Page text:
South West Africa in early times, by Heinrich Vedder
Heinrich Vedder's South West Africa in Early Times was originally published in German under the title Das alte Südwestafrika and its sub-title stated that it was a history of South West Africa up to the date of Maharero's death in 1890.
THE HERERO WAR OF FREEDOM AND THE ORLAM WAR
1. THE HERERO WAR OF FREEDOM
BEFORE we begin to describe the events of the two wars, which turned the whole of South West Africa, from 1863 to 1870, into a theatre of war, it is desirable to make some acquaintance with the people who played a leading part in those wars.
The Herero leaders
Zeraua had been able to stay at Otjimbingwe under the protection of the mission and the copper mines. Tjiseseta, one of Zeraua's relations, was living in the veld of Omaruru. Mbandjou, who was related to Tjiseseta, lived sometimes in the Kaokoveld, and sometimes in the veld to the east of Omaruru. Ndjiharine, who subsequently became the chief of Omburo near Omaruru, belonged to the same family. These were the family ties between the Herero chiefs of the west, who recognized Zeraua of Otjimbingwe, not as a paramount chief, but as an influential man to whom one could turn for help in times of need, especially as he was on very good terms with the Europeans at Otjimbingwe. Alongside this family bond there existed a second one, which was grouped around Tjamuaha and Maharero. The principal members of this were Kambazembi, who had come in from the Kaokoveld after Tjamuaha's death and taken possession of the country round the Waterberg, Mun-gunda, of whose death we read previously, Kahitjene, whom Jonker persecuted and Mungunda's sons killed, and many others. Now Maharero's mother, Otjoruzumo, Tjamuaha's principal wife, was Kambazembi's sister, and Kambazembi's mother was the daughter of Tjirue, Maharero's grandfather. Then Kambazembi married Ndomo, Maharero's sister, and Maharero, again, took Katundure, Kambazembi's sister, as an additional wife. The chiefs' family circle was completed owing to the fact that Maharero's mother, Otjoruzumo, was a younger sister of the principal wife of Zeraua at Otjimbingwe. In this way all the Herero chiefs were related to each other, and Maharero saw to it that the bonds were strengthened by numerous additional marriages, and that, in this way, any chiefs who had been outside the circle were drawn into it. (On the 26th December, 1863, Maharero took his ninth wife, and in his later years he had more than sixty.) The eastern Hereros, the Mbanderus, did not belong to this circle, for the Hereros and Mbanderus never intermarried. Their most prominent chief was Kahimemua. The Hereros under Nicodemus, who was the son of Kavikunua, the son of Tjamuaha, must be distinguished from the Mbanderus. This is important for the sake of the history of a later period, in connexion with the execution of the chiefs of both these tribes under martial law at Okahandja in 1896. Amongst Maharero's near relations were Hirarapi, his eldest brother, who was killed at the battle of Otjimbingwe in 1863, and his brother Kavikunua, Nicodemus's father, who ruled such of the eastern Hereros as were not Mbanderus. Maharero had a half-brother named Riarua, who was a man of parts, and became the leader of his army. He was the son of Otjipeze, one of Tjamuaha's later wives, and a sister of Otjoruzumo, who is mentioned above. Another of Tjamuaha's sons, who became of considerable importance later, was Kavezeri. One can see how close the ties of relationship between all the important Hereros were in 1862. mysterious power inherited from his ancestors, of being able to kindle and tend a true ancestral fire. [...]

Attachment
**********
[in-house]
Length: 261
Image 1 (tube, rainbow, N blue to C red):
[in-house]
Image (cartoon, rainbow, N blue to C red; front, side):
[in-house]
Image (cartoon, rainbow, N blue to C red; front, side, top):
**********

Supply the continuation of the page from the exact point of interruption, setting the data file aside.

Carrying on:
This is an excerpt from South West Africa in early times, by Heinrich Vedder.
Title: South West Africa in early times
Subtitle: Being the story of South West Africa up to the date of Maharero's death in 1890
Author: Heinrich Vedder
Translation, editing: Cyril G. Hall
Publisher: Namibia Scientific Society
Windhoek, Namibia 2016
ISBN 9789994576425 / ISBN 978-99945-76-42-5
Softcover, 15 x 21 cm, 530 pages, numerous historical photos, 1 fold-up map of South West Africa
Vedder, Heinrich im Namibiana-Buchangebot
South West Africa in Early Times: Being the story of South West Africa up to the date of Maharero's death in 1890.
Ein seltener Klassiker: Am Lagerfeuer der Andern. Von Land und Leuten in Südwestafrika und was man von Menschen und Dingen sonst noch am Lagerfeuer zu erzählen pflegt.
Am Lagerfeuer. Geschichten aus Busch und Werft, von Pad und Landschaft, Menschen und Schicksalen in Südwestafrika
'Am Lagerfeuer' ist ein Südwestafrika-Klassiker: Geschichten aus Busch und Werft, von Pad und Landschaft, Menschen und Schicksalen.
South West Africa in Early Times being the story of South West Africa up to the date of Maharero's death in 1890.
Dies ist die dritte Ausgabe Afrikanischer Heimatkalender aus dem Jahr 1932.
Die bekende boek von Heinrich Vedder, Die voorgeskiedenis von Suidwes-Afrika, vertel oor die gebeurtenisse in Suidwes tot aan die dood van Maharero in 1890.
Lange Zeit war Heinrich Vedders Werk Das alte Südwestafrika: Südwestafrikas Geschichte bis zum Tode Mahareros 1890, ein Standardwerk der Geschichte der ehemaligen deutschen Kolonie.
Diese völkerkundiche Monographie über die Bergdama im Südwestafrika der 1920er Jahre gilt als ein Klassiker der Ethnografie Afrikas.
Dieses seltene Büchlein enthält sechs Reden von Heinrich Vedder, die er in Okahandja, Südwestafrika zum Thema Wahres Christentum gehalten hat.
Dies ist der 51. Jahrgang Afrikanischer Heimatkalender für das Jahr 1981.
Dies ist eine Neuauflage von: Einführung in die Geschichte Südwestafrikas von Heinrich Vedder.
Stimmungsvolle Geschichten am Lagerfeuer über Land und Leute, Sitten und Gebräuchen, Pflanzen und Tieren im alten Südwestafrika.